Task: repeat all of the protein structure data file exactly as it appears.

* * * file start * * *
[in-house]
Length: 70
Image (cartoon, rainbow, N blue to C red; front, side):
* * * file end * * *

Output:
[in-house]
Length: 70
Image (cartoon, rainbow, N blue to C red; front, side):